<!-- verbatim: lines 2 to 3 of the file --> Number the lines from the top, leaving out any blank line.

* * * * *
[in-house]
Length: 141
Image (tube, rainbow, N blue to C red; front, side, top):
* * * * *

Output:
Length: 141
Image (tube, rainbow, N blue to C red; front, side, top):